joy of nesting

joy of nesting
California designer Shiree Hanson Segerstrom's weekly tips for decorating, gardening, and stylish living

The Bambinos of Spring and...My Best Banana Creme Pie!
























Easter is way too short in my opinion. Why does Christmas get so much attention and why must Easter be so fleeting?

I have several Easter traditions but the one that's pure decadence is my banana crème pie. If you haven't had a home made banana crème, this is your chance. It's absolutely to die for.

Scroll down for crust and filling recipes.





















































































































 
This recipe was inspired by my paternal grandmother Minnie Hanson who was my everything. She made me her home made banana crème pies when I was little because she knew how much I loved them. Later, when I was a grown woman with a young family I began pie baking on my own.

These recipes below began as someone else's. I'm not sure why I never obtained Gramma Minnie's recipe but like all good recipes, they've evolved over the years and I think, improved over time.

I've included some tips that I've adopted that have made pie baking easier. One I learned from another great cook in our family, Auntie Roselyn Baglini on my mom's side. The notes in italics are from my own experience in baking pies.

Like anything worthwhile, it takes practice. Remember there is no such thing as a bad pie. Don't worry what it looks like! Once its sliced no one will give a wit. If you remember to include all the ingredients, it will taste great I promise.

One last thing, the best pie crust has both butter and shortening: butter for the flavor and shortening for the flake factor, Pie Baker's Honor.

Shiree's Best Banana Crème Pie

Pie Crust from The Silver Palate Cook Book

2 1/2 C. unbleached all purpose flour
2 t. sugar
1 t. salt
8 T. unsalted butter, chilled
6 T. solid vegetable shortening, chilled
5 to 6 T ice water, as needed

1. Sift the flour, sugar, and salt into a mixing bowl. Add the chilled butter and shortening. Working quickly and using your fingertips or a pastry blender, rub or cut the butter and shortening into the dry ingredients until the mixture resemble coarse meal.

Please note, I have also had success blending the flour and butter with two knives as well as with my Cuisinart food processor with steel blade fitting.

2. Sprinkle on the ice water, 2 to 3 tablespoons at a time, and toss with a fork. Turn the dough out onto your work surface and using the heel of your hand, smear the dough away from you, about 1/4 cup at a time. Scrape it up into a ball and wrap in wax paper. Flatten it into a flat cylinder for expediency. Chill in the refrigerator for an hour. Don't leave it in too long or it becomes hard to work with.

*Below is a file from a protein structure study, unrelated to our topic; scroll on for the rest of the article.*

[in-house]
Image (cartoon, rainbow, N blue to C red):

3. Remove the dough from the refrigerator and roll it out (I swear by my wooden roller) to 1/4 inch thickness on a floured work surface. For a single crust pie, line a 9 inch pie plate with half of the dough and reserve the other half for the top of the pie or save for another single crust pie.

Keep lifting the pie dough to allow flour to distribute beneath it. To transfer the dough from work surface to pie pan it helps to first fold it in half. I have an extra wide spatula for this purpose, it's about six inches wide.

4. To prebake, preheat the oven to 425 degrees.

5. Line the dough in the pie plat with aluminum foil and fill with beans or rice to weight it. Bake for 8 minutes, then remove the beans and lining. Prick the bottom of the dough with a fork and return the pie plate to the oven until the crust is golden brown, 10 to 13 minutes longer.

Makes one 9 inch double crust or two 9 inch single crust pies.
























Banana Crème Filling adapted from Joy of Cooking

3 bananas, peeled and sliced into bite sized pieces
2/3 C. sugar
1/4 C. plus 3 tablespoons all purpose flour
1/4 t. salt
2 C. whole milk
3 egg yolks
3 T. butter
1/2 vanilla bean (split and seeds gently scraped out)

You need a double boiler aka Bain Marie for this recipe. That means that the pot on the bottom next to the heat source has the boiling water and the top pot holding the ingredients fits nicely inside the bottom pot. This allows your filling (also known as custard in cook's terms) to cook evenly and without sticking to the pan too much.

In the top of a double boiler over boiling water, combine sugar, flour and salt. Add 2 cups of milk and stir constantly for about ten minutes or until mixture thickens.

Remove from heat.

Beat eggs slightly in a heat proof bowl. While whisking eggs, add a little spoonful of the hot mixture to the eggs, then another spoonful, then another, until the bowl with the eggs has warmed. Once the eggs are warmed you can add them to the remaining hot mixture. 

The reason for this extra step is if you try to add cold eggs to the hot mixture all at once without slowly warming the eggs, they will curdle.

Whisk until smooth then add warmed eggs to the rest of the hot mixture until thickened. Remove from heat again and add 3 tablespoons butter and vanilla beans. Cool slightly before turning into the banana filled, prebaked crust. Filling with thicken as it cools.

























Divine. Decadent. Old fashioned goodness. Do let Joy of Nesting know how your pie turns out!
























What are your Easter traditions? Please share with us!

Shiree'









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